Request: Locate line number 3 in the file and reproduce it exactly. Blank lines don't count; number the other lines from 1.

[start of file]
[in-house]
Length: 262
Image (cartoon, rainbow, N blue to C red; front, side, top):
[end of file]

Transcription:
Image (cartoon, rainbow, N blue to C red; front, side, top):